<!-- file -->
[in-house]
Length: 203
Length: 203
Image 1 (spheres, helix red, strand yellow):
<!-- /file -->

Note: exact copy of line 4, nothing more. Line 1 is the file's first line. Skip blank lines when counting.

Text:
Image 1 (spheres, helix red, strand yellow):